Every single successful team has a philosophy of its own. You can argue with that, but as long as it is successful, they ought to follow it. Even though India’s anchor-heavy set-up came under fire on multiple occasions, India found success and belittled teams in the shortest format like plucking apples from the garden. Windies are two-time winners, Pakistan rely on their pacers and anchors while Australia and South Africa are long searching for their soul in the format.
But none have really embraced a near-perfect solution as much as England have in recent memory, fuelled by an intrinsic desire to change the history books. England’s success formulae was an equation of risk and reward which could buckle down at any moment but if it succeeds, like it did in the 2019 World Cup, they can win the whole thing.
A success formula as critical as this is bound to come under scrutiny too. In the 2017 Champions Trophy semi-final, when England messed up a straightforward game against Pakistan, they were asked tough questions, the credibility of their process in tatters, and more importantly, they were told to mend ways by many pundits of our great game. We all know what happened after that, but perhaps, for the case of last night’s game against Sri Lanka, it is important to reconsider everything.
Batting has not been easy in Sharjah this year. Since IPL resumed in the Middle East, teams have scored at a run rate of 7.1 and a strike rate a shade under 120 at the venue. Exactly a year before that, since IPL 2020, a run rate of 8.9 at the venue was staggering for batters in any phase and an average strike rate of 147.9 meant every single Sharjaj record was taken with a pinch of salt. Was Sachin really a great batter or a stats-padder by scoring a hell of a lot of runs here?
Well, if anything, Jos Buttler’s innings last night provided a close resemblance to what Sachin Tendulkar had manifested in his career all those years ago. Unperturbed and focused on the job at hand, Buttler made a calculated assault on the Sri Lankans to emerge as the first Englishman to score a century in all three formats of the game.
What Buttler essentially did was take the downturn out of the equation. With Jason Roy, Dawid Malan, and Jonny Bairstow back in the hut for almost nothing, Buttler had to negotiate the middle-over spin carnage as well as the awkward angle posed by Dushmantha Chameera. While he was successful in containing Chameera, by attacking from the word go, others were not easy to trample down, thus he adopted a completely different approach of playing within himself. With Eoin Morgan, despite not being in the greatest of form, out there in the other end, he could afford to slack off a bit against the leggies and let his skipper take over.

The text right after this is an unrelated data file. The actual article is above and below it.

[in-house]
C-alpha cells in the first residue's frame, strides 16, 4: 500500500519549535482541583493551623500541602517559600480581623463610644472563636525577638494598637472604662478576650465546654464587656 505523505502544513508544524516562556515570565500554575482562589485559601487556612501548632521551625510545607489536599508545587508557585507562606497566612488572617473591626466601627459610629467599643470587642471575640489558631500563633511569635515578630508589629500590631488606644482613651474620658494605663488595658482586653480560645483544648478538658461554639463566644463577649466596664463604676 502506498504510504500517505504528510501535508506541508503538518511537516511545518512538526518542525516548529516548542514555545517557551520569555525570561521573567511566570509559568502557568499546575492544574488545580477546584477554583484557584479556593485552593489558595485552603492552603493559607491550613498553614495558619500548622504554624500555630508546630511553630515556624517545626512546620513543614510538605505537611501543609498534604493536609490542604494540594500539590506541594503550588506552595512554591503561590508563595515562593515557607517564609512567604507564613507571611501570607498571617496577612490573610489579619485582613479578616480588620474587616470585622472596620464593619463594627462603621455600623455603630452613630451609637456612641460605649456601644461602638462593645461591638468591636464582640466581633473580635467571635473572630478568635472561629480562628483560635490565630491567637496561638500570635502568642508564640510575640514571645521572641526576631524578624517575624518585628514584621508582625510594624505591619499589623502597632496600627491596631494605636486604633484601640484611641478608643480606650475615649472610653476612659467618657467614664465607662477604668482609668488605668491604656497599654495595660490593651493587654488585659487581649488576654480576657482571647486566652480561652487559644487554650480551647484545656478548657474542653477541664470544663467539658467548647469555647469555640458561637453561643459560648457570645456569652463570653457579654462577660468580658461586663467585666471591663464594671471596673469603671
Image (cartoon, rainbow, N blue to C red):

“I think staying patient was the key, but I managed to get a partnership with Morgan. I found it really tough early on in the innings. There was a point when we were thinking to get to the 120-run mark, but then we got going and got 160-plus,” Buttler said in the post-match presentation.
Unlike many batters, Buttler knows he has a range of shots that could compensate for slow batting in the middle-overs. When he plays a long innings, he has a particular kind of template - going berserk in the powerplay, slowing down in the middle overs, and then taking the attack in the death. In between over no.7 to 15, he strikes at 126.43, a stark contrast to his powerplay strike rate of 148.83 and a death over SR of 169.38. It was also the phase where he hits the least number of boundaries, with a 50.05% Boundary percentage as compared to 72.98% in the first six overs and 63.07% in the last five.
He didn’t shed that approach on a night things had already gone haywire. A slightest bit of panic would have been hugely detrimental.
Further, the England team management must be credited for the last-minute change in strategy coming into the World Cup. Moeen Ali was on and off the squad for the majority of his career but his success in IPL convinced the management to stick with him and created a specific role in the side. Liam Livingstone’s success was down to him being allowed the flexibility to explore his potential without any constraint. Their presence in the middle-over along with the ability to chip in with useful overs every now and then ensured that England had options aplenty. Livingstone’s performance last night embodied the very ideology on which their success story is built.
“I'm incredibly proud of everything we've done tonight. I felt the guys had to fight unbelievably hard, particularly with the ball and in the first 10 overs with the bat. Conditions continued to change and then Tymal going down asked another question of ourselves but I thought Liam Livingstone and Moeen Ali stepped up unbelievably well to support the other guys with the ball,” Morgan later said in the post-match presentation.
With four wins in four games, England have virtually sealed the top spot in Group 1 already and are most likely to be joined by either Australia or South Africa in the semi-final. But if things didn’t go their way at any moment, they can take inspiration from how they battled everything to land this coup against Sri Lanka and be content afterward.